13 Types of Accountants and What They Do

By Indeed Editorial Team

Updated September 9, 2022 | Published September 7, 2021

Updated September 9, 2022

Published September 7, 2021

The Indeed Editorial Team comprises a diverse and talented team of writers, researchers and subject matter experts equipped with Indeed's data and insights to deliver useful tips to help guide your career journey.

Related: A Day in the Life of an Accountant

In this video, we follow Ektaa, a tax accountant working for a family-owned accounting firm, as she shares the skills and education needed to be a successful accountant.

Accountants play a fundamental role in an organization, as they help maintain precise, efficient and absolute financial records of a business. There are many types of accountants in the workplace, each with different roles depending on the industry. Understanding the roles of each helps you decide which area of accounting to specialize in. In this article, we define accounting, explain why it's important, and discuss the many types of accountants available today.

What is accounting?

Accounting is gathering, recording and examining the financial transactions of a business. It also involves reporting the transactions to various relevant agencies over a specified period. Qualified accountants who hold titles like Chartered Professional Accountant (CPA) carry out these important functions.

Related: Choosing Accounting Career Pathways That Suit You Best

Why is accounting important?

Accounting helps a business keep track of its income and expenditure. It also provides measurable financial data to a company's management, investors and the government. This data is valuable in making future decisions for an organization. Accounting is important in the development of financial policy, appraisal of staff performance, fiscal planning, budgeting, avoidance of errors and curbing fraud.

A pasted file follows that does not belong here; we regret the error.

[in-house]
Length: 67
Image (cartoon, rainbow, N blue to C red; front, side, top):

Related: What Does a Chartered Professional Accountant Do? (A Guide)

13 types of accountants

Different types of accountants perform specific accounting functions. They include:

1. Auditors

An auditor's key role is to ensure a company's accounting records are accurate. Governments or private companies can hire auditors to ensure financial records of different government agencies, individual businesses, non-profit organizations, and corporate companies are efficient. They also ensure such entities remit their taxes to the government as required. Auditors peruse all relevant reports, appraise, confirm and compile the documents related to a company's financial operations to ensure they are within the legal framework. They also offer advice for improvement based on their evaluation.

Read more: Accountant vs. Auditor: Differences and Similarities

2. Consultants

These accountants play a crucial role in helping businesses grow. They offer their knowledge to help their clients understand the importance and meaning of their accounting records and how the reports affect their operations. They also evaluate the profitability of their client's businesses, develop and execute reliable accounting practices for their clients and make dependable suggestions on tax decisions. Consultants also help clients comprehend the implications of their accounting practices and decisions to avoid getting into trouble with the law. You require a bachelor's degree in accounting if you aspire to become an accounting consultant.

3. Cost accountants

Every business is interested in maximizing profits and keeping costs at a minimum. This is where cost accountants come in to review your company's costs and ensure the costs don't run down your business. Cost accountants review all expenses incurred by your business, including transportation, administrative and production costs.